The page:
With crisis levels of unemployment and a GDP first quarter decline of 3,2%, we clearly don’t have a balanced, sustainable economy. So, are the reserve bank’s current policies adequate to assisting its constitutional mandate, asks Jeremy Cronin.
The ratcheting up of emotions around the South African Reserve Bank (SARB) risks shutting down a critical conversation we need as South Africans. The motivation behind ANC secretary general Ace Magashule wading into this space is, of course, entirely questionable. It’s an internal ANC factional power-play, an attempt to trip up President Cyril Ramaphosa.
Does Ramaphosa re-assure investors? Or does he parrot word-for-word a clumsy ANC conference resolution? This is the potential fault-line on which Magashule and others are continuously scratching. But behind these factional interests lies the broader attempt to subvert anything, whether SARS, the criminal justice system, or the SARB, that stands in the way of the parasitic looting of public resources.
However, SARB governor Lesetja Kganyago is also not helping matters. Does Kganyago, with his near-hysterical “the barbarians are at the gate”, really believe this reassures the market sentiment he believes he is nursing? More seriously, the imperious tone with which Kganyago dismisses any mildly heterodox discussion on monetary policy is problematic.
Our Constitution states: “The primary object of the South African Reserve Bank is to protect the value of the currency…” That part of the sentence is constantly quoted. But the sentence doesn’t end there. It continues: “… in the interest of balanced and sustainable economic growth in the Republic.” Protecting the value of the Rand isn’t an end in itself.
With crisis levels of unemployment and a GDP first quarter decline of 3,2%, we clearly don’t have a balanced, sustainable economy. So, are the reserve bank’s current policies adequate to assisting its constitutional mandate? I agree with Kganyago and others that we shouldn’t overstate what monetary policy can accomplish. Unemployment, inequality and poverty require coherent and coordinated multi-dimensional interventions.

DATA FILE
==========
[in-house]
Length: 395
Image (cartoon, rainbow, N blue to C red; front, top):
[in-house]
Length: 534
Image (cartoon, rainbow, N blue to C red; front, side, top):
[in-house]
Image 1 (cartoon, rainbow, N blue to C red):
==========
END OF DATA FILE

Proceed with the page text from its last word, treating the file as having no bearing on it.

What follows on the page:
But this doesn’t mean monetary policy and its inter-face with fiscal policy should be left to its own devices.
Listening to the reserve bank, the dragon it believes it is slaying is hyper-inflation. The dire spectre of Weimar Germany and Zimbabwe are once again being evoked. Beware governments printing money regardless, we’re told. Fair enough. But in both cases it was the collapse of productive output that was the real driver of crippling hyper-inflation. Wheel-barrows of money were merely a symptom.
The post-World War I punitive reparations imposed by the Versailles Treaty squeezed the German economy into a predictable default. In response, French and Belgium armies assumed control over the Ruhr industrial heartland. The Germans halted production, but kept paying the workers in the local currency. Demand soared relative to output. Exports stagnated and the only way the Weimar government could continue paying treaty obligations was to continue spending. This was the vicious cycle that underpinned hyper-inflation but also, subsequently, on the back of national grievance, the rise and rise of Nazism.
Zimbabwe’s hyper-inflation also had its roots in the collapse of productive output and unresolved national grievances. It’s easy to forget in the late 1990s Zimbabwe was being extolled by the IMF as a model economy, with lessons South Africa should emulate. However, Zimbabwe’s alleged success masked the ravages of an IMF-imposed structural adjustment programme on the lives of millions of Zimbabweans. Moreover, whites (1% of the population) owned 70% of productive land. Enter Mugabe’s populist attempt to resolve the deepening social crisis.
The 2000 land reform programme, essentially an elite land grab, destroyed 45% of food output capacity, and resulted in 80% unemployment. There was a knock-on into manufacturing. By 2007, only 18,9% of Zimbabwe’s industrial capacity was being used. Export earnings crashed and manufacturers couldn’t obtain foreign currency to import raw materials.
As in Weimar Germany, it was the collapse of productive output that resulted in demand rapidly outpacing supply. Too many Zim dollars were chasing too little supply. This was worsened by speculative hoarding as prices soared by the minute.
If protecting our currency necessarily involves concern for revitalising our productive economy, then additional questions arise. Full-on quantitative easing with near zero interest rates is probably inappropriate in our case. But what about “targeted quantitative easing”, for example, with the reserve bank, working with Treasury, directing concessional credit through industrial financing institutions like the IDC?
There’s much to discuss. Let’s not allow the current hyper-ventilated debate to shut down a thoughtful conversation.
– Cronin is a member of the SACP’s central committee, and a former member of the ANC’s national executive committee. He was a deputy minister between 2012 and 2019. His first collection of poems, Inside, was released to much acclaim after his release from prison in 1984.
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